Off site for larger families
Many places outside of Disney advertise suites and stays for larger families. Like always, make sure you do your research on any non-Disney hotels. Some places specialize in families and only offer 2, 3, or 4 bedroom condos. Make sure you learn about a place before you book it, especially if it only has those condos – these are sometimes part of a timeshare and a requirement for booking (often hidden in the fine print) is sitting through a long timeshare presentation.
Things I would recommend looking into if you are considering one of these options:
- Are there any hidden fees (resort fees, parking fees, etc.)
- Will you have to sit through a timeshare presentation
- Distance from Disney (I typically see how many miles a place is from the ticket and transportation center, or TTC, since that is where you’ll go for Magic Kingdom)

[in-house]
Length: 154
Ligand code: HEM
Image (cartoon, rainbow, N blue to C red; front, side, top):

You can also look into something like AirBnB or VRBO, though there are other precautions you want to take when you book something like that too (make sure you’re aware of cancellation policies, for instance – not just if you need to cancel on them, but if they can cancel on you).
You may find one of these off site options to be a better fit if you are really set on having a full kitchen, or if everyone absolutely needs their own bedroom. Otherwise I would still typically recommend a family suite or two standard, adjoining rooms at a Disney resort. There are many, many options, but a few I’d recommend below:
Homewood Suites by Hilton Flamingo Crossings
- Suites sleep up to 6
- Have kitchenette with a full fridge, microwave, stovetop
- 7.8 miles to the TTC
Margaritaville Resort Orlando
- Suites that sleep up to 6 and cottages that sleep up to 18
- Cottages have full kitchen, washer/dryer